Referring next to FIG. 6, a second embodiment of the all digital phase-locked loop is shown. The embodiment is particularly adapted to include a type II loop since the accumulator is recursive adder 82. In the alternative, the FIG. 6 embodiment can be a type I loop, de pending upon the value of an input control signal ap plied to lead 96.

A digital input signal V is applied to exclusive OR gate 14 via input line 12. The signal on line 12 can be derived from an analog sinusoidal signal source 84 that is converted to a binary signal by a zero crossing detector or hard limiter 86 to produce the digital input signal V The loop output signal V is derived from a relatively high significance bit terminal or from an overflow terminal of the accumulator 82 to provide a fixed frequency division factor for a binary input signal to the accumulator. The V output of accumulator 82 and the V,-,, signal are applied to input terminals of exclusive OR gate 14 which derives variable duty cycle loop error signals V at its output terminal 24. A mixer can replace the exclusive OR gate as a digital phase detector, if the loop input and output signals both have equal positive and negative excursions, i.e., have no d.c. component. If the input and output loop signals are bipolar square waves, the mixer produces the digital signal V If, however, the input signals are sinusoids having zero d.c., the phase detector comprises a mixer driving a zero crossing detector or hard limiter to produce the digital signal V,..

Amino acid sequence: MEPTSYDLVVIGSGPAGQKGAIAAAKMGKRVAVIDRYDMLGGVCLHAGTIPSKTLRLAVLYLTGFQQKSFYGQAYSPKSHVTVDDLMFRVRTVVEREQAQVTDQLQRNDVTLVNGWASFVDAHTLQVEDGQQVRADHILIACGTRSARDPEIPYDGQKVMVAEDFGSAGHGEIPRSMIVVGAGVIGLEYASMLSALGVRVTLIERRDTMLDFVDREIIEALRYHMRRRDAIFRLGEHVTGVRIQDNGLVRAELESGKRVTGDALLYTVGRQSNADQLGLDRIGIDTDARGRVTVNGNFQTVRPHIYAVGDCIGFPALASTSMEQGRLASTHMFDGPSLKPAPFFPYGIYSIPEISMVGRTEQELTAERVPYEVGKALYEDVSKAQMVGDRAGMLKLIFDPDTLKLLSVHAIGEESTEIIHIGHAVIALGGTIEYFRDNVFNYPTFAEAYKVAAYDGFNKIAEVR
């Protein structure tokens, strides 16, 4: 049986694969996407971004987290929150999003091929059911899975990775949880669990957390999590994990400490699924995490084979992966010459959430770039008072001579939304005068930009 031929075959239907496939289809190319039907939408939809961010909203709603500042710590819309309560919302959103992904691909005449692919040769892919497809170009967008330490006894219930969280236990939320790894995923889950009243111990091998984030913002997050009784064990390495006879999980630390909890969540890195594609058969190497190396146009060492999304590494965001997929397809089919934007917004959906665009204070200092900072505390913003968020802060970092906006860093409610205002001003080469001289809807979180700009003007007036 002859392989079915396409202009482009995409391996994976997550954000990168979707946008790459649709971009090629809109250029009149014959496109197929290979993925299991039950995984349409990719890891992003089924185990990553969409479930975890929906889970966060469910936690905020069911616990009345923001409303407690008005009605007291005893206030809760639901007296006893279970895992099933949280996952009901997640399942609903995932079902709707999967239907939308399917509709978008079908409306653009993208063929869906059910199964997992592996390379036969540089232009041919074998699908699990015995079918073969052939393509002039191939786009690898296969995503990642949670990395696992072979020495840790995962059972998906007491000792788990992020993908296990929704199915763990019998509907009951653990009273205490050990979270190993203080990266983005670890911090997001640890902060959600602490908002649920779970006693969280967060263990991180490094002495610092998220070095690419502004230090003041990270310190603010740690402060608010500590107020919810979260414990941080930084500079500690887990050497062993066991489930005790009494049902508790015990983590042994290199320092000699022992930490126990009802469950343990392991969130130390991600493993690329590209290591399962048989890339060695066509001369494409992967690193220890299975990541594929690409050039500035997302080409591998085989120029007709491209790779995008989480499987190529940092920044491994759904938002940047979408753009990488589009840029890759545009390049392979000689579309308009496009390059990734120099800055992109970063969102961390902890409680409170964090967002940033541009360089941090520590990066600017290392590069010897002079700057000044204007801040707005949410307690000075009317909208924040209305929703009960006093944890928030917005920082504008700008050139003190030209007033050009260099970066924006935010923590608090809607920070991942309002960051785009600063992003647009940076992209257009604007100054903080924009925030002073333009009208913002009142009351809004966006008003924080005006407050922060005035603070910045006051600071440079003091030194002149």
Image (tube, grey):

The level of the loop error signal V is applied to leads 90 and 92 to respectively control the counting direction of up/down counter 88 and the gating of each of the parallel bits of an input signal representing a number c. The number represented by the signal derived on parallel output lines 94 of up/down counter 88 is gated by a type" controlling signal on line 96 that drives AND gate network 97 whereby when the signal on line 96 is a binary zero the up/down counter does not effect the loop operation and the loop is Type I.

The discussion shall proceed with the assumption that the loop is operated as the simple Type I embodiment of FIG. I. The signal on line 92, controlling the gating of number c is applied to a group of gates 98, one gate for each bit of the signal representing the number c on parallel lines 100. When V is a binary zero, all of the parallel bits on output lines 102 of AND gates network 98 have a binary zero level, representing the number zero. However, when V is binary one level,- the sig nal on output lines 102 has a bit pattern representative of the number 0. Output lines 102 are applied to adder network 104 which is also fed by another binary signal representative of the constant number x on parallel lines 106. Adder network 104 adds the number indicating signals on lines 102 and 106 and produces the resultant binary sum signal on its output parallel lines 108. Actually, adder network 104 adds a third number indicating signal on lines 110 to the other two signals, but the magnitude of the signal on line 110 fed from the up/down counter via AND gate network 97 is zero with the type line 96 in a binary zero state. Thus, adder network 104 derives a signal indicative of the number x when V is a binary zero and a signal representing the number 6 x when V is a binary one. The signals on lines 108 are applied to accumulator 82 which is clocked at a constant rate f via clock input line 112. Thus, when V,. is a binary zero, the accumulator 82 is incremented at a slow rate given by: